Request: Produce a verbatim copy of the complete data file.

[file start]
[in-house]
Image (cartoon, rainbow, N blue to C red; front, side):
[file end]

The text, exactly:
[in-house]
Image (cartoon, rainbow, N blue to C red; front, side):